A federal Liberal Party MP has announced she will quit politics in the upcoming election due to in-party bullying. Ann Sudmalis used her parliamentary privilege to denounce NSW state MP, Gareth Ward, for bullying and waging a campaign against her to prevent her re-endorsement. She said that over the past six years, he had engaged in ‘bullying, betrayal and backstabbing’. In response, Mr Ward claimed that Ms Sudmalis merely exaggerated claims to cover her dwindling party support. Prime Minister Scott Morrison said that in light of the comments, new processes were needed for internal complaints of misconduct. Kelly O’Dwyer, the Minister for Women, agreed with Mr Morrison’s suggestion, but said that any new processes would need to be independent of party members.
A former employee of the Inpex Ichthys LNG project in the Northern Territory has denounced its workplace culture. The woman, who sought to be referred to as Sophie, worked on the project for two years. She claimed that there was a toxic culture of bullying and intimidation, and that employees who voiced their concerns would be ‘shut down immediately’. However, a spokesperson for Inpex affirmed that the ‘safety and wellbeing of people working on the… project is our number one priority’.
The Australian Gender Equality Council has been launched to usher in a new era of women’s rights. The Council was formed from an amalgamation of 17 industry women’s groups to more efficiently use their shared resources. Among the constituent groups are Women in Aviation, Women in Banking and Finance, Girls Schools Australia and Australian Women Lawyers.
Comcare will appeal a case against a former ABC staffer who is seeking compensation for workplace bullying. This is the third time that she and Comcare will appear before the Federal Court in what has been a seemingly never-ending cycle of appeals to courts and tribunals. Peta Martin has been fighting to be compensated for her bullying-induced breakdown since 2012. In this particular appeal, Comcare is arguing that the Administrative Appeals Tribunal Deputy President, James Constance, wrongly found that Comcare had conceded Ms Martin suffered an injury. Additionally, the insurer claims that the tribunal did not make a finding as to whether the injury resulted in ‘death, incapacity from work or impairment’. Ms Martin’s lawyer, Georgia Plunkett-Scott, said that ‘it’s taken in excess of eight judges and tribunal members to interpret the law, surely that demonstrates that reform of the Comcare scheme is required’.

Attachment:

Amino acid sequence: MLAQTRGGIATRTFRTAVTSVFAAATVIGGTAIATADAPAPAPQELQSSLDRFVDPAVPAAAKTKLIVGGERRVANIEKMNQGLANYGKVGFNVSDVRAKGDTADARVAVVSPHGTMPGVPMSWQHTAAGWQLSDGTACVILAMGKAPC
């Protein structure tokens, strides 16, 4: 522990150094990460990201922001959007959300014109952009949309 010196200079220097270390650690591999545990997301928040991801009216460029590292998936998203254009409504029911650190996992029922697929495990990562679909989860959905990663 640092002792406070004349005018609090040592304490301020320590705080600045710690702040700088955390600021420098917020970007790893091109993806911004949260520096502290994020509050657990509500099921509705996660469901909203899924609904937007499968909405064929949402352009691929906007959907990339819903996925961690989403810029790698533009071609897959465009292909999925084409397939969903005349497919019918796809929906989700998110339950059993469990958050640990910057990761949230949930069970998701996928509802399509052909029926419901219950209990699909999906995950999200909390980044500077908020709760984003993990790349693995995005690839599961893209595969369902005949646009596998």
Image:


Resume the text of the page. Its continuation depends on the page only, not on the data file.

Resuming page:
New documents obtained under Freedom of Information laws revealed that during the 2017-18 financial year, a series of employees at ACT Health were formally investigated for bullying and misconduct. According to the documents, ten employees were formally investigated, three of whom were under inquiry for alleged workplace bullying and harassment. Three were dismissed as a result of the investigations. This information comes in light of ACT Health recently announcing an independent review into its workplace culture. The ACT Health Minister, Meegan Fitzharris, said the health system had seen dramatic improvements since March when a conscious effort to improve its culture began. The number of investigations did fall since the previous 2016-17 financial year, in which there were 22 cases of investigated misconduct.
Experts in the field have criticised the AFL’s new Gender Diversity Policy. The policy, which affects trans-women and non-binary footballers, requires applicants to supply performance reports, hormonal data and growth charts to the AFL in order to be eligible to play. According to Liam Elphick, a discrimination law researcher from UWA, the stringent requirements will turn aspiring trans-female and non-binary players away, or force them to remain in lower state leagues. Indeed, the announcement of the policy prompted transgender footballer Hannah Mouncey to withdraw from the AFLW draft. She claimed it was ‘not worth’ it. While discrimination in sports based on gender identity is unlawful, there is an exemption, which allows the AFL to lawfully exclude where there is evidence of a competitive advantage from biological attributes.